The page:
Mary Hatch

From Wikipedia, the free encyclopedia
Jump to: navigation, search
Mary Hatch Bailey
'It's a Wonderful Life' character
It's A Wonderful Life.jpg
Donna Reed (left) as Mary Hatch Bailey
Information
Full name Mary Hatch–Bailey
Occupation Housewife
Spouse(s) George Bailey
(m.1932–)
Children Pete (born 1934)
Janie (born 1935)
Zuzu (born 1940)
Tommy (born 1941)
Relatives Father: Unknown
Mother: J. W. Hatch
Brother: Marty Hatch
Brother-in-law: Harry Bailey

Mary Hatch Bailey is a fictional character and the main protagonist's teenage sweetheart and later wife in Frank Capra's 1946 film It's a Wonderful Life. She gets married to character George Bailey who is played by James Stewart as an adult and Bobby Anderson as a child. Mary is played by Donna Reed as an adult and Jean Gale as a child. She is loosely based on Mary Pratt, a character in Philip Van Doren Stern's The Greatest Gift. Mary Hatch is one of the most famous female characters in movie history.[1]

Story line[edit]

Mary Hatch is the younger sister of Marty Hatch, a friend of George, whom she has loved since childhood. They become reacquainted as young adults at a high school dance, where they discuss their respective plans for the future. They are interrupted by news that George's father has suffered a stroke. Mary has been away at college, and worked for a time in New York before returning to Bedford Falls.[2]

When George's brother Harry returns from college with a new wife, and a job offer from his father-in-law, George realizes he will not be able to leave the Building and Loan, at least in the foreseeable future. George, despite knowing that his friend, Sam Wainwright, is courting Mary, goes to her house at the urging of his mother. George insists he that he has no intention of getting married, but realizes that he loves Mary. It is very clear that George's mother is right that Mary loves him and not Sam.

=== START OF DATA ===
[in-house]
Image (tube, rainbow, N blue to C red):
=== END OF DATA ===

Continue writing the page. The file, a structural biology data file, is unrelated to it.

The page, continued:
George and Mary are married, but their planned honeymoon is interrupted by a run on the banks, which affects the Building and Loan. Potter's bank has called in its loan, and depositors are clamoring to withdraw their funds. Potter, a stockholder in the Building and Loan, threatens to shut it down if it closes early. Mary offers the money saved for their honeymoon to keep the Building and Loan solvent.[2]

That evening, George's friends, Bert the cop, and the cab driver Ernie, escort him to his "new" home, the Old Granville house, a derelict mansion Mary had wished for years before. Over time they work on repairing the house. During World War II George is exempt from the draft because of partial deafness, but serves as an Air-Raid Warden. Mary becomes a volunteer for the war effort, such as running the local branch of the USO, while raising their four children (Pete, Janie, Tommy, and Zuzu). When George's uncle misplaces an $8,000 deposit, George faces bankruptcy and a charge of embezzlement. Angry and depressed, George contemplates suicide. His guardian angel then shows George what life would have been like had he never been born. Among other changes in this alternate existence, Mary is a spinster librarian.[2]

George returns home to find that Mary has rallied their friends and family to raise the missing money.[3]

Donna Reed would later state that "It's a Wonderful Life" was the favorite film of her career.[4]

In the "wishing" scene outside the old Granville house, Director Capra was surprised to find Reed accurately throw a stone to break a window, a skill she acquired playing baseball with her brothers on their Iowa farm.[4]

References[edit]

Sources[edit]